Once John signed with the CSP, they promptly provided him with a comprehensive form encompassing the entire three-month application process. After diligently filling out the required paperwork, he received an email for e-signing, containing all the necessary documents as per MISA's regulations, such as name reservation forms, powers of attorney, and partner resolutions. 

Subsequently, the CSP advised John to attest these documents in his country of residence, supplying a detailed guide and contact information for a facilitating third party if he sought to expedite the process. After spending approximately $3,000–$4,000, John managed to have all the papers attested within 2-3 weeks.

Within a few days, the CSP informed John of his successful acceptance by the Ministry of Investment, obtaining an Entrepreneurial License, marking the initial step in the process. This allowed the Saudi government to acknowledge him as a foreign investor under the guise of an entrepreneur.

John encountered the challenge of reserving a name, navigating the Saudi government's restriction on non-Arabic names. With the CSP's guidance, however, he learned that an English name could be secured if he proved its existence in his country of residency.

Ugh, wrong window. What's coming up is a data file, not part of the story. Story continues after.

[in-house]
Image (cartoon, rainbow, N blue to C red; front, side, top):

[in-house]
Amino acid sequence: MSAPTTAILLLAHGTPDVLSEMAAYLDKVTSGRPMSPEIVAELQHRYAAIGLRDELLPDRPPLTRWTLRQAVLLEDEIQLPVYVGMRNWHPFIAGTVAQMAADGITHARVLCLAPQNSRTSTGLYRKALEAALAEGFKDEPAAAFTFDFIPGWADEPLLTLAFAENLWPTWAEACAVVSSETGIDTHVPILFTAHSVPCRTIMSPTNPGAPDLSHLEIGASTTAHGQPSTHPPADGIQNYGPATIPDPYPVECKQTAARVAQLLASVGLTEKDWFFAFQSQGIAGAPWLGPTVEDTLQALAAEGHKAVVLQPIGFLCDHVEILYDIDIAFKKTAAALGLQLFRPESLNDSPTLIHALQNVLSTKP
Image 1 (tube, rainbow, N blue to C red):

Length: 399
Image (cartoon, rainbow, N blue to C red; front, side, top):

Reserving a name may seem straightforward, but it entails complexities. Selection involves specifying the business activity and selecting an appropriate suffix. With the CSP's guidance, John navigated this process, including choosing an English name and proving his existing company in a GCC country.

The next step is a key one, involving establishing the company. Utilising a profile provided by the CSP, John designated over 400 authorities to himself and his co-founder, simplifying the process with a few clicks. Shortly after, the Ministry of Commerce in Saudi Arabia accepted his profile, and his authorised Saudi lawyer proceeded to physically verify the previously attested documents, which John appreciated as it alleviated the need for him to travel to Saudi Arabia solely for this purpose.